What is TMD? (Temporomandibular Disorder)

What is TMD? (Temporomandibular Disorder)

Dec 26, 2016

TMD (Temporomandibular Disease): Causes, Symptoms and Diagnosis

Temporomandibular disorder (TMD) affects millions of people worldwide, causing discomfort and difficulty in everyday activities like eating and speaking.

The temporomandibular joint is a hinge joint that links the jaw to the skull’s temporal bones located in front of each ear.  It facilitates the movement of the jaw up, down, and from one side to the other, thus facilitating talking, yawning, and chewing.

TMD or temporomandibular disease or disorders is the collective term given to problems with the bones and muscles that form this joint and help in its function.

Causes of TMD

Temporomandibular disorder (TMD) encompasses a range of conditions that affect the temporomandibular joint (TMJ), which connects the jawbone to the skull. Several factors can contribute to the development of TMD, and understanding these causes is crucial for effective treatment.  Common causes as follows:

  • Stress
    Stress can lead to jaw clenching or teeth grinding, putting excessive strain on the TMJ.
  • Misaligned Jaws
    Bites that don’t fit together properly can also contribute to TMD. This misalignment puts stress on the TMJ and surrounding muscles, leading to pain and discomfort.
  • Arthritis (Rheumatoid and Osteoarthritis)
    Arthritis can cause inflammation and TMD symptoms. By understanding the causes of TMD, we can better address the root issues and find appropriate treatment options.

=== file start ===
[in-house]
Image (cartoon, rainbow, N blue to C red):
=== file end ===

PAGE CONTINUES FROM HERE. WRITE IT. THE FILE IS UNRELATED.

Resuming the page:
Symptoms of TMD

Recognising the symptoms of TMD is crucial for early intervention and effective treatment. While jaw pain is the main symptom, TMD can present in many ways.

Mostly, this disease causes severe pain as well as discomfort. It can affect either side or both sides of the face. Also, it could be momentary or could last for several years. TMD is most prevalent among individuals aged between 20 and 40 years, with most victims being women.

The following are some of the common symptoms:

  • Aching or tenderness in the jaw joint area, face, neck, and shoulders, plus in and around the ear when talking, chewing, or opening the mouth wide
  • Difficulties when trying to open the mouth wide
  • Jaws getting locked or stuck in the open/closed mouth position
  • Problems with chewing or having an abrupt, uneasy bite as if the teeth are not fitting together correctly
  • Clicking, cracking noises in the jaw joint while opening or closing the mouth, or chewing (this may be painful or not painful)
  • Swelling on the side of the face
  • Toothaches, headaches, aching in the neck, upper shoulder pain, earaches, hearing difficulties, dizziness, and tinnitus (ringing in the ears) may also be experienced.

It’s important to note that these symptoms may vary in intensity and frequency, making it essential to consult with a healthcare professional for an accurate diagnosis. By being aware of the common symptoms, individuals can seek appropriate treatment and prevent the condition from worsening.

How TMD Is Diagnosed